By Joel H. Silbey
A better half to the Antebellum Presidents presents a chain of unique essays exploring our historic figuring out of the position and legacy of the 8 U.S. presidents who served within the major interval among 1837 and the beginning of the Civil struggle in 1861.
- Explores and evaluates the evolving scholarly reception of Presidents Van Buren, Harrison, Tyler, Polk, Taylor, Fillmore, Pierce, and Buchanan, together with their roles, behaviors, triumphs, and failures
- Represents the 1st single-volume connection with assemble jointly the historiographic literature at the Antebellum Presidents
- Brings jointly unique contributions from a workforce of eminent historians and specialists at the American presidency
- Reveals insights into presidential management within the sector century top as much as the yank Civil War
- Offers clean views into the principally forgotten males who served in the course of the most decisive area centuries of usa history
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Additional info for A Companion to the Antebellum Presidents 1837-1861
Remini, in a well-researched, massive, and traditional three-volume biography of Jackson and in a series of further volumes about the era, argued that, in his view, whatever the apparent limitations of his actions, Jackson was a catalyst of democratic striving against the dominant elites in American society (Remini 1977, 1981, 1984). Wilentz agreed with Remini in even stronger terms, also arguing for Jackson and his followers as the progenitors of democratization who earned, as a result, the support of those at the lower reaches of society who were the beneficiaries of his policies (Wilentz 2005).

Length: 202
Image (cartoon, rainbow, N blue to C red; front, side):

Revisions, challenges, and counterchallenges led to some scholarly convergence on central points. In their recent extended studies Michael Holt, Daniel Walker Howe, and Harry Watson each focused on the multiple elements present in American life, arguing that they interacted to affect political choice in the nation’s diverse society instead of there being an either/or situation pitting a single dominant force, such as class or ethnoreligious divisions, as the sole centerpiece of voter choice and party differences (Howe 2007; Holt 1999; Watson 2006).
It was never uniquely one divisive element or another that determined political outlook, commitment, and behavior. As one historian summed up the general perspective of these scholars: “the best reading of the evidence suggests that the American voting universe was fired by an eclectic mix of enduring confrontations rooted in past experience and as well as by aspects of the new socioeconomic forces coming into play” (Silbey 2001: 69). Other critics beside the neo-Jacksonians found serious cracks in the partisan dominant narrative.
A Companion to the Antebellum Presidents 1837-1861 by Joel H. Silbey